chiara_marletto's picture
Junior Research Fellow at Wolfson College and Postdoctoral Research Associate at the Materials Department, University of Oxford; Author, The Science of Can and Can't

The concept of "impossible" underlies all fundamental theories of physics; yet its exact meaning is little known. The impossibility of cloning, or copying, certain sets of states is at the heart of quantum theory and of quantum information. The impossibility of exceeding the speed of light is a fundamental feature of the geometry of spacetime in relativity. The impossibility of constructing perpetual motion machines is the core idea of thermodynamics: No machine can exist that produces energy without consuming any; and the second law demands the impossibility of machines converting "heat" (such as energy stored in the sea at room temperature) completely into "work" (energy that is useful, in that it can be used, for instance, to power a mill).

But what do we mean, exactly, by impossible?

The concept of impossible in physics is deep and has beautiful implications; it sharpens the everyday meaning of the word "impossible," giving to that airy nothing a solid, firm, deep connotation, rooted in the laws of physics. That something is impossible means that the laws of physics set a fundamental, draconian limit to how accurately it can be brought about.

For instance, one can construct real machines approximating a perpetual motion machine to some degree, but there is a fundamental limit to how well that can be done. This is because, since energy is conserved overall, the energy supplied by any such machine must come from somewhere else in the universe; and since there are no infinite sources of energy, perpetual motion is impossible: All finite sources eventually run out.

That something is impossible is deeply different from its not happening at all under the particular laws of motion and initial conditions of our universe. For example, it may be that, under the actual laws and initial conditions, an ice statue of the pirate Barbarossa will never arise in the whole history of our universe, and yet that statue need not be impossible. Unlike for perpetual motion machines, it might still be possible to create arbitrarily accurate approximate copies of such a statue under different initial conditions. The impossibilities I mentioned above, instead, are categorical: A perpetual motion machine cannot be brought about to arbitrarily high accuracy, under any laws of motion and initial conditions.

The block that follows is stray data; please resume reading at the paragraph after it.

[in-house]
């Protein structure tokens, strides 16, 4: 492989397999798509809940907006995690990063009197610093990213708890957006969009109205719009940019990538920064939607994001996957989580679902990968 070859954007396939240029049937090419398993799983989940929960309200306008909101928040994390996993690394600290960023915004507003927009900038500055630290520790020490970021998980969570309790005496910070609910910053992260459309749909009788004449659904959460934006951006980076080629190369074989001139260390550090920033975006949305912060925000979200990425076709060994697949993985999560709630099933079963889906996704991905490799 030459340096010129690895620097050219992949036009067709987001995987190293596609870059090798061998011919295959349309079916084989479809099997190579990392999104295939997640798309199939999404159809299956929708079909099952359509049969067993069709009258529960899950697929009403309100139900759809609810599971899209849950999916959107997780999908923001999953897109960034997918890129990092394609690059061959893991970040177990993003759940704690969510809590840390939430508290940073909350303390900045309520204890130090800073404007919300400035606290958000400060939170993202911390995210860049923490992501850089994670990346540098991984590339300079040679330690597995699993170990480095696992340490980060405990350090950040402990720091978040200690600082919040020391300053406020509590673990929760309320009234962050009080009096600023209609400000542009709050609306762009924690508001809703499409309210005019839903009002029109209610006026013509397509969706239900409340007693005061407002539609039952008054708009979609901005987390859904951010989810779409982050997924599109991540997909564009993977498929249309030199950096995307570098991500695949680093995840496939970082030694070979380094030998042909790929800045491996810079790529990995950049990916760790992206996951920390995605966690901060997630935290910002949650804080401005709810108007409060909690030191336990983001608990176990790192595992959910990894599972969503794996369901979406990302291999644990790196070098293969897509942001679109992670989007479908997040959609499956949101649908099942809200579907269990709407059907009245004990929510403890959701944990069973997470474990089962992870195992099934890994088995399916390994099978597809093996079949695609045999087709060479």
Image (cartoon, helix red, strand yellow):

The exact physical meaning of the word "impossible" is illuminating also because it provides a deeper understanding of what is possible.

That something is possible means that the laws of physics set no limit to how well it can be approximated. For example, thermodynamics says that a heat engine is possible: We can come up with better and better ways of approaching the ideal behavior of the ideal engine, with higher and higher efficiencies, with no limitation to how well that can be achieved. Each realization will have a different design; they will employ different, ever improving technologies; and there is no limit to how much any given real heat engine can be improved upon.

So, once we know what is impossible under the laws of physics, we are left with plenty of room for our ideas to try and create approximations to things that are possible. This opening up of possibilities is the wonderful, unexpected implication of contemplating the fundamental physical meaning of "impossible." May it be as widely known as it is physically possible.